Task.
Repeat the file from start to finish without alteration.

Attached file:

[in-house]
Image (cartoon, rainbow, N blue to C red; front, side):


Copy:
[in-house]
Image (cartoon, rainbow, N blue to C red; front, side):